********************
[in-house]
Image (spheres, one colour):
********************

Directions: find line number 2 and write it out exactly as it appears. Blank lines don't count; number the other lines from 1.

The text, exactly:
Image (spheres, one colour):